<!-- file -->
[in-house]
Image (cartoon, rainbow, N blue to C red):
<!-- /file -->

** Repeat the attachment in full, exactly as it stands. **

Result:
[in-house]
Image (cartoon, rainbow, N blue to C red):